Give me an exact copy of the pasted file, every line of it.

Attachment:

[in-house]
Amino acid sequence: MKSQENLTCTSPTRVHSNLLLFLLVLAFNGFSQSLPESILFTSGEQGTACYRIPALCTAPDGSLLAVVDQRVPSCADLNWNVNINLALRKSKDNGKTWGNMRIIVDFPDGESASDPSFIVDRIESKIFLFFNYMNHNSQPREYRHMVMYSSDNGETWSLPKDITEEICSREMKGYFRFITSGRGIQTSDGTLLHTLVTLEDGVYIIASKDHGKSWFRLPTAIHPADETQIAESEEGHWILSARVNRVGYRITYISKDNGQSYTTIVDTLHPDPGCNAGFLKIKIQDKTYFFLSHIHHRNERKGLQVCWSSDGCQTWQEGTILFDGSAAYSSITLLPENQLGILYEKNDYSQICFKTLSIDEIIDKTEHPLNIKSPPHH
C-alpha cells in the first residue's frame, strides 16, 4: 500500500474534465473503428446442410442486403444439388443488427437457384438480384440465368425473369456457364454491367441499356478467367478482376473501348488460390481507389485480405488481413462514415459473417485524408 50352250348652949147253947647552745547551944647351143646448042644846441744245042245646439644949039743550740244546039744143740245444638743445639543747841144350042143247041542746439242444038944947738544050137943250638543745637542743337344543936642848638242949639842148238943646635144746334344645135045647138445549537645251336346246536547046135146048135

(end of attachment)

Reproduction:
[in-house]
Amino acid sequence: MKSQENLTCTSPTRVHSNLLLFLLVLAFNGFSQSLPESILFTSGEQGTACYRIPALCTAPDGSLLAVVDQRVPSCADLNWNVNINLALRKSKDNGKTWGNMRIIVDFPDGESASDPSFIVDRIESKIFLFFNYMNHNSQPREYRHMVMYSSDNGETWSLPKDITEEICSREMKGYFRFITSGRGIQTSDGTLLHTLVTLEDGVYIIASKDHGKSWFRLPTAIHPADETQIAESEEGHWILSARVNRVGYRITYISKDNGQSYTTIVDTLHPDPGCNAGFLKIKIQDKTYFFLSHIHHRNERKGLQVCWSSDGCQTWQEGTILFDGSAAYSSITLLPENQLGILYEKNDYSQICFKTLSIDEIIDKTEHPLNIKSPPHH
C-alpha cells in the first residue's frame, strides 16, 4: 500500500474534465473503428446442410442486403444439388443488427437457384438480384440465368425473369456457364454491367441499356478467367478482376473501348488460390481507389485480405488481413462514415459473417485524408 50352250348652949147253947647552745547551944647351143646448042644846441744245042245646439644949039743550740244546039744143740245444638743445639543747841144350042143247041542746439242444038944947738544050137943250638543745637542743337344543936642848638242949639842148238943646635144746334344645135045647138445549537645251336346246536547046135146048135